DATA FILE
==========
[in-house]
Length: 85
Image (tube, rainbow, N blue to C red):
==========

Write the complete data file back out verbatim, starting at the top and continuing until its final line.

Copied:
[in-house]
Length: 85
Image (tube, rainbow, N blue to C red):